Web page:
Photo/Illutration Densely populated residential areas encircle the U.S. Marine Corps Air Station Futenma on May 13 in Ginowan, Okinawa Prefecture, where Osprey aircraft are based. (Shoma Fujimaki)

NAHA--Okinawa this weekend will mark the 50th anniversary of its return to Japanese sovereignty, a bittersweet moment for the southernmost prefecture that still shoulders the bulk of the burden in hosting U.S. bases in Japan.

The May 15, 1972, handover ended 27 years of U.S. administration that was ushered in after U.S. forces emerged victorious in the 1945 Battle of Okinawa, which saw some of the bloodiest fighting in the Pacific War.

Although Okinawa only accounts for 0.6 percent of Japan’s total land area, it hosts about 70 percent of all U.S. military facilities in Japan.

Over the past half century, land on the main islands used by the U.S. military has been returned at a vastly faster pace than in Okinawa. The difference is stark: 60 percent versus 30 percent.

On May 13, the Okinawa prefectural assembly unanimously passed two resolutions and opinion papers, with one set calling on the government for a sharp scaling back of U.S. military bases in Okinawa and a comprehensive revision of the Japan-U.S. Status of Forces Agreement. The other set was a protest against a sex crime committed by a U.S. soldier in Okinawa last autumn.

Much has changed in Okinawa since it returned to Japanese sovereignty.

Of its 1.46 million or so residents, about 60 percent were born after 1972.

A questionnaire distributed to local senior high school students found that only 22 percent could correctly give the date on which the United States formally relinquished control of Okinawa Prefecture.

Compared to 50 years ago, land used by the U.S. military outside of Okinawa has dropped from 19,699 hectares to 7,808 hectares. But the decrease in Okinawa has only been from 27,892 hectares to 18,483 hectares.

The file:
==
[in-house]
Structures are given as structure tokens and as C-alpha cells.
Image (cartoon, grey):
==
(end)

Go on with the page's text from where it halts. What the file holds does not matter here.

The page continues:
The concentration of U.S. military facilities in Okinawa is fiercely opposed by the majority of islanders already weary of deafening noise pollution from the roar of jets, environmental contamination caused by sloppy handling of toxic chemicals and crimes and accidents caused by U.S. military personnel.

As of December 2020, Okinawa prefectural authorities said 826 incidents involving U.S. military aircraft had occurred, including crashes and parts falling from planes in midflight. Over the same period, 6,068 U.S. military personnel were detained for various crimes.

Okinawa’s economy has thrived in the meantime. Prefectural gross product in nominal terms as of fiscal 2018 reached 4.5 trillion yen ($35 billion), or 9.8 times the level before Okinawa returned to Japanese sovereignty.

And the ratio of total income among Okinawa residents that depended on the U.S. military has fallen from 15.5 percent in fiscal 1972 to just 5.1 percent in fiscal 2018.

However, the manufacturing sector has not developed in line with the rest of Japan, forcing Okinawa to depend on tourism as a major revenue source. The COVID-19 pandemic dealt a massive blow to its tourist industry.

More than 10 million foreign tourists visited Okinawa in fiscal 2018. The figure for fiscal 2021 was 3.27 million. No foreign tourists have visited Okinawa in the past two years due to travel restrictions to check the spread of the novel coronavirus.

As a result, Okinawa ranks lowest among the nation’s 47 prefectures for local personal income.

A study by the Okinawa prefectural government in 2016 found that the poverty ratio among children was 29.9 percent, or double the ratio of the national average.